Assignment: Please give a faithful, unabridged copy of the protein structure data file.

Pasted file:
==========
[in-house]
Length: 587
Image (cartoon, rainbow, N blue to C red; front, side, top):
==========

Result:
[in-house]
Length: 587
Image (cartoon, rainbow, N blue to C red; front, side, top):